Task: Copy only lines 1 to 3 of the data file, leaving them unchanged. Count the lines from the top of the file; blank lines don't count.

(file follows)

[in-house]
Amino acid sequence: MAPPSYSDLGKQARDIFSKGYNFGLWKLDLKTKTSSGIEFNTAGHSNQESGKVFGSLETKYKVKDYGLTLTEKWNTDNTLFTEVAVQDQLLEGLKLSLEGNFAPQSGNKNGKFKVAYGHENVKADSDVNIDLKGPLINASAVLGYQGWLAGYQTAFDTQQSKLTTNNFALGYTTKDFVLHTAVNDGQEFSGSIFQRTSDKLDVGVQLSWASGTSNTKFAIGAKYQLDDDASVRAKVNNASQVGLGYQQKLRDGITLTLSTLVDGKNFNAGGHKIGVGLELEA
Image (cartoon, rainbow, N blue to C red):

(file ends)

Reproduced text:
[in-house]
Amino acid sequence: MAPPSYSDLGKQARDIFSKGYNFGLWKLDLKTKTSSGIEFNTAGHSNQESGKVFGSLETKYKVKDYGLTLTEKWNTDNTLFTEVAVQDQLLEGLKLSLEGNFAPQSGNKNGKFKVAYGHENVKADSDVNIDLKGPLINASAVLGYQGWLAGYQTAFDTQQSKLTTNNFALGYTTKDFVLHTAVNDGQEFSGSIFQRTSDKLDVGVQLSWASGTSNTKFAIGAKYQLDDDASVRAKVNNASQVGLGYQQKLRDGITLTLSTLVDGKNFNAGGHKIGVGLELEA
Image (cartoon, rainbow, N blue to C red):